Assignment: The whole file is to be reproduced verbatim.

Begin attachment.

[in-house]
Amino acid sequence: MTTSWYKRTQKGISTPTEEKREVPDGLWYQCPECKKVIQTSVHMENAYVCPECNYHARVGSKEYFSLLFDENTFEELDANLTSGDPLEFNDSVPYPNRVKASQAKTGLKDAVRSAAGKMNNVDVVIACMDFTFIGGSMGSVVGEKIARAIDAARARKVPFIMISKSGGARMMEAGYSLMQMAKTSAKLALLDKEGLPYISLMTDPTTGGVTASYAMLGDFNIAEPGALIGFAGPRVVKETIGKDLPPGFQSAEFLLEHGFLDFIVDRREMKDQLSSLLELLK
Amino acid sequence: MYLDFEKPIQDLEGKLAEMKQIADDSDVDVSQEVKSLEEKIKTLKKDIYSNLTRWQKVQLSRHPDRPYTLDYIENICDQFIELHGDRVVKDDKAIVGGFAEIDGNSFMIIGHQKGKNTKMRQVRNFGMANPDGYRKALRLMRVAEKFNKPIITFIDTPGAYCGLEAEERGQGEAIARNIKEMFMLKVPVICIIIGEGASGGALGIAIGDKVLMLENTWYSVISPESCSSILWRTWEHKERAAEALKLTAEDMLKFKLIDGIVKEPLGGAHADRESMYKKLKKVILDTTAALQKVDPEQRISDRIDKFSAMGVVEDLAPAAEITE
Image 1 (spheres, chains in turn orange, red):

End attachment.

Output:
[in-house]
Amino acid sequence: MTTSWYKRTQKGISTPTEEKREVPDGLWYQCPECKKVIQTSVHMENAYVCPECNYHARVGSKEYFSLLFDENTFEELDANLTSGDPLEFNDSVPYPNRVKASQAKTGLKDAVRSAAGKMNNVDVVIACMDFTFIGGSMGSVVGEKIARAIDAARARKVPFIMISKSGGARMMEAGYSLMQMAKTSAKLALLDKEGLPYISLMTDPTTGGVTASYAMLGDFNIAEPGALIGFAGPRVVKETIGKDLPPGFQSAEFLLEHGFLDFIVDRREMKDQLSSLLELLK
Amino acid sequence: MYLDFEKPIQDLEGKLAEMKQIADDSDVDVSQEVKSLEEKIKTLKKDIYSNLTRWQKVQLSRHPDRPYTLDYIENICDQFIELHGDRVVKDDKAIVGGFAEIDGNSFMIIGHQKGKNTKMRQVRNFGMANPDGYRKALRLMRVAEKFNKPIITFIDTPGAYCGLEAEERGQGEAIARNIKEMFMLKVPVICIIIGEGASGGALGIAIGDKVLMLENTWYSVISPESCSSILWRTWEHKERAAEALKLTAEDMLKFKLIDGIVKEPLGGAHADRESMYKKLKKVILDTTAALQKVDPEQRISDRIDKFSAMGVVEDLAPAAEITE
Image 1 (spheres, chains in turn orange, red):